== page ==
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I've got some R code that looks basically like this:

compute.quantiles <- function(mu, type) {

  ## 'mu' and 'type' are vectors of the same length

  var <- ifelse(type=='a', 6.3523 * mu^2,
         ifelse(type=='b', 234.23 * mu,
         ifelse(type=='c', {s <- 9.8 * ((mu-0.3)/3)^(6/7)+0.19; mu + mu^2/s},
         ifelse(type=='d', 56.345 * mu^1.5,
         ifelse(type=='e', 0.238986 * mu^2,
         ifelse(type=='f', mu + 1.1868823 * mu^2,
         NA ))))))

  # ...then do something with var...
}

Some sample input & output:

print(compute.quantiles(2:4, c('c','d','e')))
[1]   2.643840 292.777208   3.823776

That works correctly, but it's kind of ugly with the deep nesting, so I'm wondering if there's a different idiom that works better. Anyone have a suggestion? If switch() accepted a vector as its first argument, that would work nicely, but it just takes a scalar.

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could you provide a small reproducible data set to try this out? –  Tyler Rinker May 7 '12 at 19:03
    
@TylerRinker done. –  Ken Williams May 7 '12 at 19:08

4 Answers 4

up vote 2 down vote accepted

I think I came up with something I like better:

## Vector-switch
vswitch <- function(EXPR, ...) {
    vars <- cbind(...)
    vars[cbind(seq_along(EXPR), match(EXPR, names(list(...))))]
}

compute.quantiles <- function(mu, type) {
  stopifnot(length(mu) == length(type))

  vswitch( type,
    a = 6.3523 * mu^2,
    b = 234.23 * mu,
    c = mu + mu^2/(9.8 * ((mu-0.3)/3)^(6/7)+0.19),
    d = 56.345 * mu^1.5,
    e = 0.238986 * mu^2,
    f = mu + 1.1868823 * mu^2)
}

With the matrix-indexing code in just 2 lines, I think it's ok for my too-clever-code threshold. =)

share|improve this answer
    
+1 I was contemplating your other answer and thought: why not make a vswitch function - and now you already did! Same name and everything :) –  Tommy May 8 '12 at 6:20
    
=) [52 more chars added to reach posting threshold...] –  Ken Williams May 8 '12 at 12:48

Maybe something like this is workable:

compute.quantiles <- function(mu, type) {
  stopifnot(length(mu) == length(type))

  vars <- cbind(
    a = 6.3523 * mu^2,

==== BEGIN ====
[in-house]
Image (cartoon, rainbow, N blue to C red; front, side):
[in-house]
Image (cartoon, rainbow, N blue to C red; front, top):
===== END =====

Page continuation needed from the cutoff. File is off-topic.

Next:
b = 234.23 * mu,
    c = mu + mu^2/(9.8 * ((mu-0.3)/3)^(6/7)+0.19),
    d = 56.345 * mu^1.5,
    e = 0.238986 * mu^2,
    f = mu + 1.1868823 * mu^2)

  vars[cbind(seq_along(mu), match(type, colnames(vars)))]
}

Not sure if that's going to look too "advanced" for the future reader (including myself) though.

share|improve this answer
    
1+ But you need to replace mu[i] with mu... –  Tommy May 7 '12 at 19:32
1  
And regarding "too advanced" - you might consider a comment explaining what's goin' on... Don't fear the comments :) –  Tommy May 7 '12 at 19:39
    
...and use seq_along(mu) instead of 1:length(mu) so that you handle zero-length vectors... –  Tommy May 7 '12 at 19:41
    
Good catches @Tommy –  Ken Williams May 7 '12 at 20:22
    
And regarding the comments - I don't fear comments, but whenever I put in a comment that basically says "here's why this code is so wonky...", my gut wrenches & I end up changing the code until the comment isn't needed anymore. =) Or at least, it seems like that to me, since I've spent so much time on it that it's "obvious" in my head. =) –  Ken Williams May 7 '12 at 20:26

Here is an alternative approach:

library(data.table)
# Case selection table:
dtswitch <- data.table(type=letters[1:6],
                      result=c("6.3523 * mu^2",
                               "234.23 * mu",
                               "{s <- 9.8 * ((mu-0.3)/3)^(6/7)+0.19; mu + mu^2/s}",
                               "56.345 * mu^1.5",
                               "0.238986 * mu^2",
                               "mu + 1.1868823 * mu^2"),
                      key="type")

# Data to which you want the cases applied:
compute <- data.table(type=letters[3:5],mu=2:4,key="type")

# Join the data table with the case selection table, and evaluate the results:
dtswitch[compute,list(mu,result=eval(parse(text=result)))]
#>   type mu     result
#>1:    c  2   2.643840
#>2:    d  3 292.777208
#>3:    e  4   3.823776

Rather than creating the dtswitch table in R code, you could store it in an external spreadsheet or database and then load it into R. Might be handy if you have a lot of different cases or they are changing often and you want to control them from a central location.

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I couldn't resist adding another answer with a completely different approach. Here it is.

## Sort of a cross between tapply() and ave()
tswitch <- function(x, INDEX, ...) {
  l <- substitute(list(...))
  s <- split(x, INDEX)
  pf <- parent.frame()
  split(x, INDEX) <- lapply(names(s), function(n) 
    eval(l[[n]], list(x=s[[n]]), pf)
  )
  x
}

compute.quantiles <- function(mu, type) {
  stopifnot(length(mu) == length(type))

  tswitch(mu, type,
    a = 6.3523 * x^2,
    b = 234.23 * x,
    c = x + x^2/(9.8 * ((x-0.3)/3)^(6/7)+0.19),
    d = 56.345 * x^1.5,
    e = 0.238986 * x^2,
    f = x + 1.1868823 * x^2)
}

And the sample input & output:

> compute.quantiles(2:4, c('c','d','e'))
[1]   2.643840 292.777208   3.823776

The advantage to this implementation is that it only computes the length(mu) specific values that need to be computed. By contrast, the vswitch method above computes length(mu) * M values, where M is the number of "cases" in the switch. So if the computations are costly, or if the data is big, this version could be a win.

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